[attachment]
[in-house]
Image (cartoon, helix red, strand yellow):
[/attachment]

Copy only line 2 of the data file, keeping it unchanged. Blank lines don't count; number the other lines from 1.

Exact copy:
Image (cartoon, helix red, strand yellow):